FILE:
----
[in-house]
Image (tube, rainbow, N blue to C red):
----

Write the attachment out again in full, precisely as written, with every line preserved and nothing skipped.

[in-house]
Image (tube, rainbow, N blue to C red):